One can see how this approach can work to accommodate a few very worthy politicians and friends on a national scale, though even they fulfill a function, and some at least possibly are worth the money.
But extending this model to the working labour force is another matter.
Two different approaches entirely to a simple business proposition, namely whether I want to risk my capital, and hire you at a certain price, considering what you can contribute, and try to make some money; compared to whether I want to work for you, given my lifestyle ambitions and costs thereof, given my sense of self-worth and what I think you can pay.
Both parties acting in good faith, thinking they fully understand the situation and demanding reasonableness from the other party to agree to their way of reasoning.
After 17 weeks of striking, with both parties no closer to any agreement, a labour court judge this week offered to take a closer look (non-binding), potentially mediating between the two parties who proved willing to give this a try.
Nothing to lose, while it could produce the needed fig leaf that could be the elusive face saver for either party to do a deal.
It is bad that this is playing in our prime export sector. But so far this argument is only affecting 80 000 out of 10 million formally employed people in SA. That's less than 1%. The other 99% plus are still kind of adhering to the operating model as applied by business throughout the economy (and in the public sector), and applied worldwide, as described above.
The AMCU approach has so far not spilled over to other sectors in the economy, even though many unions for many years now have made very robust wage and benefits demands, though nothing on this scale.
A comparable case was minimum agricultural wages being demanded, and partially granted early last year, but again not close to the demands made today in the platinum sector.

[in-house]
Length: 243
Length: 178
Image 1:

The old-fashioned economic model assumes one acquires an education, or work skills through experience, and if these can be economically deployed, finds a job that can hopefully be sustained. If there is to be a sizeable increase in real remuneration, it is a function of improved productivity or ability to make this worthwhile to the employer.
Which, in a roundabout way, is suggesting government to be failing in educating people adequately, and not properly assisting the economy to grow faster so that it may absorb more labour productively and increase the quantum of work skills and real income.
To turn the world upside down, and wanting to follow a social model, where workers are paid what they think they need rather than what they can really contribute is somewhat novel.
It is one thing having this problem afflicting 1% of the labour force.
But if this struggle were to prove contagious, and starts to affect a much larger part of the economy, a much bigger problem will have come into view.
For either the country starts shutting down parts of the economy until reality prevails. Or we opt for the hyperinflation solution. Yes, we can have R12500 a month, and while we are at it we can make it R100 000 a month, or indeed R1million.
If you are a Zimbabwean you will know what this means. For the Rand will lose value faster than the Kwatcha ever did.
Perhaps we should think more carefully whether we want jobs or not. And whether we want to be paid in old-Rand or new-fangled Kwatchas? We shouldn't take too long thinking about it. Time costs money. And operations and jobs can always be shifted to another country. As too many are in any case already doing.
Good luck to the judge. This is a difficult one, as 101 exam papers go.